The Da Vinci Code and Organized Religion

By: George Lunt
Recently the movie "The Da Vinci Code" based on Dan Brown's book of the same name was released. There seems to be a fear that this work of fiction could sway the beliefs of many from that of traditional Christian teachings. Here is what I think.

I was raised a Catholic, but now I'm not even a Christian. What changed my belief was not because of some author writing a convincing book, nor was it because of a movie like Martin Scorsese's film "The Last Temptation of Jesus Christ." I lost my faith by simply reading and analyzing accepted scriptures.

All forms of Christianity originated from the early Catholic Church. Because of politics, Christianity split up in to different sects, but they all seem to have the same basic belief that Christ was the son of God and that he died for our sins.

The part about him dying for our sins is what I don't quite understand. According to Christian doctrine everyone is born with "original sin" because Adam disobeyed God and ate the forbidden fruit. And because of our "original sin" we needed a "redeemer" to save us. Hence, God sent his only begotten son to die for our sins and save us. Doesn't this all sound like a children's fairy tale?Why did Adam sin in the first place? When God created him, he gave him a "free will" and because of this "free will" Adam made the decision to sin and was held responsible for his action. But wait a minute; we all know that different people handle temptation in different ways. When looking at a beautiful woman, a young man with raging hormones is more likely to succumb to her advances than another less hormonal and more scholarly man who would examine the pros and cons of being with her. And if the man was created gay, a beautiful woman presents little or no temptation to him.

If God is able to know all things and do all things, all he had to do was tweak Adam's "free will" so that he couldn't have succumbed to the temptation of the forbidden fruit.

Why should God blame Adam for not listening to him, when he created him to act that way? It wasn't Adam's fault that God didn't give him enough will power to resist the temptation He put before him. The "original sin" is actually God's own fault. Consequently, we did not need to be "redeemed" and there was no reason for Christ to die. If Christ was God and He suffered so brutally and died for some unnecessary reason, then the Christian God must be a masochist.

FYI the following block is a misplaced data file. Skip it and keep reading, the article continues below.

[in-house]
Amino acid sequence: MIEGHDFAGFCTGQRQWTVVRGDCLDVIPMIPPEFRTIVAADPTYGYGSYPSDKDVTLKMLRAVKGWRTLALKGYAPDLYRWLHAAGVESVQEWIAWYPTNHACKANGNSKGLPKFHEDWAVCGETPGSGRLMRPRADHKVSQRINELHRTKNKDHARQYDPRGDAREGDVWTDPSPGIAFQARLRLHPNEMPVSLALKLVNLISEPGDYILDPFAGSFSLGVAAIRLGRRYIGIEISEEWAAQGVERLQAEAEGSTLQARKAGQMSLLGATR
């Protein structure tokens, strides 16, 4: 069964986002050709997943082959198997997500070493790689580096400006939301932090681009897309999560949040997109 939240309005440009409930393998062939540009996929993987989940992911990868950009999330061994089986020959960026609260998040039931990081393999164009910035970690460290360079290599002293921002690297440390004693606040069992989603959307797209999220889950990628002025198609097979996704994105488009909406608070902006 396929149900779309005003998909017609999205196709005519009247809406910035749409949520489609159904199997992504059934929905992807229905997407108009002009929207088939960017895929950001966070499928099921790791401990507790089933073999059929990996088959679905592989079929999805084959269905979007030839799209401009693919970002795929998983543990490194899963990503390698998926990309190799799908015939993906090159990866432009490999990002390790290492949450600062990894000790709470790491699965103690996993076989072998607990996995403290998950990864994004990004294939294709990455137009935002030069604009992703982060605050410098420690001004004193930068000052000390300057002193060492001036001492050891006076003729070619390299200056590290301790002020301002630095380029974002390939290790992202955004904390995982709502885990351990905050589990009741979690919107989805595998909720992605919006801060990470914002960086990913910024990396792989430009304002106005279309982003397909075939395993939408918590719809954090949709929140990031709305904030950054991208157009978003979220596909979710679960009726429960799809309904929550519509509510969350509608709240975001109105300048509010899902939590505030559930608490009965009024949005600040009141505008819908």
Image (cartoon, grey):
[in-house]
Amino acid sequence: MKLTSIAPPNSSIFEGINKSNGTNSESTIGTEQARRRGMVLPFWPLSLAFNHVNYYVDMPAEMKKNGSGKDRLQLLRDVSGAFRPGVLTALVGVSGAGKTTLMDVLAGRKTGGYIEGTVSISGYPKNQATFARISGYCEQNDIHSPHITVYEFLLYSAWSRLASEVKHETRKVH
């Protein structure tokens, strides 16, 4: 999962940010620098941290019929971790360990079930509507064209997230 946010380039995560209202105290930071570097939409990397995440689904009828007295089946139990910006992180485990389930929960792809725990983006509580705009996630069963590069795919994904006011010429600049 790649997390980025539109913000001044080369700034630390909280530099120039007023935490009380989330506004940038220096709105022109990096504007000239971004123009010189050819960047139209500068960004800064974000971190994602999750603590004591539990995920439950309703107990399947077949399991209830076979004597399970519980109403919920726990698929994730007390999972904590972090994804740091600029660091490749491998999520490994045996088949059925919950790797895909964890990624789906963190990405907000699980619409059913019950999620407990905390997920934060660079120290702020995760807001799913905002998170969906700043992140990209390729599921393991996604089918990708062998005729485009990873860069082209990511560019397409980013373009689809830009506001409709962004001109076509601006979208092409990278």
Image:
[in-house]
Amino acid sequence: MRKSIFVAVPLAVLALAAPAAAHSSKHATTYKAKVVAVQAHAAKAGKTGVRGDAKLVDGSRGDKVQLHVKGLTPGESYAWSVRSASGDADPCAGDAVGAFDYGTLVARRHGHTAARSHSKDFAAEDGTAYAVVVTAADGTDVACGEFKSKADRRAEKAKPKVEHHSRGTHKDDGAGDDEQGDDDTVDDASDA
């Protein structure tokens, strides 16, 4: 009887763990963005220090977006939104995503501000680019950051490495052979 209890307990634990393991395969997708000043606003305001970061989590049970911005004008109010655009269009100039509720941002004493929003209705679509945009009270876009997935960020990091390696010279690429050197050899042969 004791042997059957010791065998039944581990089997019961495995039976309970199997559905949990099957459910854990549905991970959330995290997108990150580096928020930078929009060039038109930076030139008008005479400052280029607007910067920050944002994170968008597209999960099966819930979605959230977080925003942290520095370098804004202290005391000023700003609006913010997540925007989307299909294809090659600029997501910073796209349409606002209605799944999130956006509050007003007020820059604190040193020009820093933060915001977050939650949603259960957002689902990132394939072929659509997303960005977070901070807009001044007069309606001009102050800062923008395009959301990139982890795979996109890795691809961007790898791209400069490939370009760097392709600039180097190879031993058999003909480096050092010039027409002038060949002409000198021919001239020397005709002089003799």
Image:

When I was in grammar school, I was an altar boy. One of the prayers we would say was to pound on our hearts three times and say the words "Mea culpa, mea culpa, mea maxima culpa," which when translated meant "Through my fault, through my fault, through my most grievous fault." I was just an innocent kid then, what could I have possibly done that was considered a grievous fault? Is it because God is like a "corporate alien" manager who always shifts the blame for his mistakes on to his employees? He made a flawed creation and blamed his creation for the flaw. None of this seems to make sense.

The Church itself was another reason I was driven from Christianity. One of Christianity's biggest spokesperson is the Catholic Church. This is the organization that, in the time of the Inquisition, burned scientists at the stake even when they were later proven to be right. This is the organization that Hitler admired in his book "Mein Kampf". This is the organization where American bishops covered up the actions of child abusing priests. Why would the true God ever want to be associated with such a group? For that matter, many of the world's religions that claim to know so much about God are really so heavily flawed in their dealings with man. How could they ever be God's representatives?I think that people believe in irrational religious ideas only because they look upon their churches as insurance policies for the hereafter. They don't want to take a chance on going to hell, and their priests use religious rules and "faith" to guarantee a pleasant afterlife.

Although I don't believe that Christ was God, I certainly admire his role as one of history's greatest philosophers. Christ questioned the Jewish religious establishment of his time. He actually criticized the sadistic God of the Old Testament and preached love and tolerance of everyone, and that could have given the religious leaders of the time enough reason to have him crucified. Believing he was married to Mary Magdalene, as suggested by "The Da Vinci Code," does not alter his philosophy. If anything, being married and raising a family would have given him a better look into the minds of the majority of his followers. I think, the main effect of "The Da Vinci Code" phenomenon, is to show us how intolerant some religious organizations are. They label the book and movie as "heresy". They boycott movie theaters. They forbid their followers to read the book or see the movie. This type of intolerance from religious groups extends to other areas as well. Why else can't Sunnis, Shiites, and Kurds coexist peacefully in Iraq? Why can't the Jews and Palestinians live together in their territories?When a religion tries to tell you that you can't read a book or see a movie, it is really insulting your intelligence. If you're really comfortable with your faith then someone else's beliefs will not affect you in any way. If you begin to question your beliefs, maybe it's because they're not right for you in the first place.

Leonardo Da Vinci, being a great scholar and scientist, probably hated the policies of the Catholic Church during his time. He could have had access to forbidden scriptures but was not able to speak out. His way of expressing such dangerous ideas could have been by placing hidden messages in his paintings. Unless more of his works are discoveredFeature Articles, I don't think we'll ever know for sure.

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